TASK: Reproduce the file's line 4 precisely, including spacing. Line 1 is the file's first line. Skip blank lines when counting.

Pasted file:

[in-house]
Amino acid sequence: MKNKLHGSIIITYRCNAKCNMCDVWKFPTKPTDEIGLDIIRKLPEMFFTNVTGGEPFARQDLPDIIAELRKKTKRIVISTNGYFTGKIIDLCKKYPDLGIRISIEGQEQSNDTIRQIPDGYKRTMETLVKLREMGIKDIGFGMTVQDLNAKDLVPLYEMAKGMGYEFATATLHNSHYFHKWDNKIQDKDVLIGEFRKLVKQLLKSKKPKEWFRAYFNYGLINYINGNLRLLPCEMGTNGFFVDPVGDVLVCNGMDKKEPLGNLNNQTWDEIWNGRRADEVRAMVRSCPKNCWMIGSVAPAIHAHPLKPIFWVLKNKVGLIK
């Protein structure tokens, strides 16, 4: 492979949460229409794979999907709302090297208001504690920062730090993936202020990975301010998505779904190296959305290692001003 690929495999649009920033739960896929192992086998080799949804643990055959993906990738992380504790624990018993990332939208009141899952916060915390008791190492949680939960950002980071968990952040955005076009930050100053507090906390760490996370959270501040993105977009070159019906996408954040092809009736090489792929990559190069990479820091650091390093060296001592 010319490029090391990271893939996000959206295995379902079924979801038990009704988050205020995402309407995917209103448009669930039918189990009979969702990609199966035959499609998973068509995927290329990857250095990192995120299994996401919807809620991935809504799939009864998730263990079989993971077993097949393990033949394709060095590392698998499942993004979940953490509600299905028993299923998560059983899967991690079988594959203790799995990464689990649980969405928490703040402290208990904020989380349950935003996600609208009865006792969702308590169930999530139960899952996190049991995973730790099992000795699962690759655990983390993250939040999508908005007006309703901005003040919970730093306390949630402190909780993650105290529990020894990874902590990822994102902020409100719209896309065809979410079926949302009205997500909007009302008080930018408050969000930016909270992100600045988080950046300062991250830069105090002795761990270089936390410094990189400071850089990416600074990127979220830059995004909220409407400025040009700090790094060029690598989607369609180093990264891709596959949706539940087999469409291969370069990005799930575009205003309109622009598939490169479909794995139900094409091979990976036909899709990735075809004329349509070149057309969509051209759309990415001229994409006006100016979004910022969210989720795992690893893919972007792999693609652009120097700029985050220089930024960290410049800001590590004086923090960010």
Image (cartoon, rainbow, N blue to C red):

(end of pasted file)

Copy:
Image (cartoon, rainbow, N blue to C red):